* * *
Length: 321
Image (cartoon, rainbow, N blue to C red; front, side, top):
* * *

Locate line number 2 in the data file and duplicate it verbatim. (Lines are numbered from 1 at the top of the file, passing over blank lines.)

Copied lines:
Image (cartoon, rainbow, N blue to C red; front, side, top):